More talk needed over truck trailer changes

16 May, 2008 10:43 AM

THE Main Roads Department has acknowledged that the impacts of proposed regulation changes to WA’s existing truck fleet were underestimated, and more consultation with the road transport industry is needed.

Farm Weekly reported last week that new laws dictating truck trailers’ axel spacing had the potential to cost the industry hundreds of millions of dollars.

Trucking companies believe the changes will require a com-plete overhaul of pocket road train and truck-and-dog combinations.

Some businesses could be made bankrupt, they said.

The new regulations would make many rig combinations obsolete after October 1 this year.

The transport companies said they were not consulted on the changes and believe a sunset clause of several years should have been included.

South West Express owner Mark Mazza said farmers and consumers would also see an increase in their costs resulting from the changes.

He said the cost of purchasing new equipment or modifying existing equipment to comply with the new laws was now unquantifiable, but could cost the industry hundreds of millions of dollars.

"Pocket road trains and truck and dog combinations will mainly be affected by the regulation change," Mr Mazza said.

"Once these regulations are introduced, some trailer combinations will be rendered obsolete overnight.

"We cannot sell them as secondhand equipment because they cannot be modified to suit the changes and so who is going to buy them.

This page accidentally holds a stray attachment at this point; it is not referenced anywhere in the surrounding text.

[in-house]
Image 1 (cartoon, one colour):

"There is no resale value at all.

"A lot of trailers are built to specifications and are only of value if used in a certain combinations."

He said there was no industry consultation about the affect the changes would have on businesses.

"Why didn’t they implement a sunset clause of a number of years for businesses to change over equipment?" he said.

Main Roads road network services executive director Des Snook said the department was concerned there may be stability issues with some heavy, 27.5m-long combination vehicles that have short trailers with high-sided bodies, many of which operate in the South West.

Main Roads has engaged ARRB Group, which operates nationally, to conduct a review of the combinations’ operations.

"These vehicle combinations do not meet national axle spacing requirements and are only allowed to operate in WA,” Mr Snook said.

"Therefore, the research had to be undertaken in WA and was based on trials with four WA transport companies. Main Roads will publish the report on its website shortly."


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